Early in the morning we emerged out of Junya Watanabe and Sophia Neophitou of 10 Magazine said, “That’s all you need – one good idea. No theatrics, no elaborate set, nothing else.” That’s how direct Watanabe, and later Comme des Garçons‘ show were. One bloody good idea, explored deeply with conviction, feeling and an utter disregard for pleasing critics or buyers, just their own feeling of natural instinct and intuition.
In the Comme showroom, for both collections a different story will unfold as is normally the case. That’s ultimately the clever thing about the Comme empire. An explosive good idea can then filter into product that then physically goes on people’s backs and the link between the idea and the product is never at all tenuous. it boggles me when I go and see the extraordinary array of what is supposedly a dreaded word – product – if you treat the p word with respect and trust that the end customer isn’t just after easy t-shirts and sweatshirts, then you’re on to a winner.
But back to that one good idea. Let’s start with Junya Watanabe. Abstract. Graphic. Bold. These elements were drummed into you through cut out plastic, leatherette and patent formations and it seems Watanabe was less concerned with going down that well trodden patchwork, denim and biker path that has essentially been his bread and butter but more about an overt and optimistic expression. It was so joyful to see, the normally sedate Japanese editors next to me were bouncing up and down and clapping at each look. We all gave each a look, as if to say “Gosh, this is BRILLIANT, isn’t it?”
A cacophony of references came to mind as the show played out. For me it was primarily Robert and Sonia Delauney’s Orphism artwork and the latter’s brilliant clothing sketches. I also thought of Oscar Schlemmer’s 1922 Traidisches Ballett and their sculptural surreal costumes. A more realistic influence might have been Jean Paul Goude’s installation pieces that were at the Image Makers exhibition in Tokyo, which is coming to an end. A more modern reference could be Los Angeles artist Bruce Gray’s circular and colourful paintings. The list could go on and on but you could never accuse Watanabe of lacking originality because the final vision rendered on the body ultimately has an entirely different effect from a sculpture or a painting. The models weren’t wearing “artwork”. The graphics moulded to them and they became almost one being, accentuated by the plastic hats with Lego-esque hair pieces painted on and the swash of solid colour on one eye. Some familiar Watanabe signatures such as the striped t-shirts and the biker jackets were worked in with patent circle shoulders but by and large this was Watanabe pushing himself beyond his comfort zone, and perhaps borrowing a touch of spirit from his boss and mentor Rei Kawakubo.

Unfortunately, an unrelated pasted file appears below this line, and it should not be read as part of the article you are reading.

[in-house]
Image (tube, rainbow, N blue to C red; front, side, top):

Whatever the cause, the effect was that Watanabe’s show had me bouncing out of the venue, despite having a monstrous cold and fever. It was one good idea, which hit me hard and got me wondering how this will play out on a larger scale – on the streets, in stores and filtered down into other people’s collections as all things Comme normally do.
Later in the day in a derelict warehouse building with weeds growing outside and crumbling floors, we were into the red with Rei Kawakubo at Comme des Garçons. Describing it as a “red” collection sounds simplistic and one quick look at the pictures and you might think it’s just that. In fact it was a cry to all of us to feel something, anything. Extreme emotion is can be hard to find in most fashion shows today and by rendering every silhouette in red – associated with emotions that range from anger and danger to love and passion – it was drummed into us that we should feel.
Of course, this would be a redundant exercise if the colour red was used simplistically. Kawakubo would do no such thing. Red rosettes that also resembled open wounds engulfed the body. Shredded up red leather was layered up into cape-esque silhouettes. Bandages twisted up and formed into rings tied around the limbs. What looked like blood splattered pleather was scrunched and built up into layers. Kawakubo retread techniques like constructing cages, body-morphing patchworks and contrasting textures that in one true shade of red, had an arresting effect on the eye. The brain reacts violently to red. Does it hail danger? Are we lustful? Do we think of blood and gore? Or does the heart flutter? I’d say we’re tipping more towards love and passion than bloodshed and anger but with Kawakubo, you just never know.
It may be pure coincidence that on the day the collection was unveiled, I was also reading about teargas used on pro-democracy protesters in Hong Kong and the first steps towards violent combat in Iraq. Kawakubo would never be blinkered to these events. That’s why her work does make you feel things. You reach in deeper than you would with other collections. It can’t all be about aesthetic pleasure. There’s got to be some pain too. I left the show in a different state from Watanabe’s. There I was bouncing. This time round, I had to sit quietly by myself and think about it.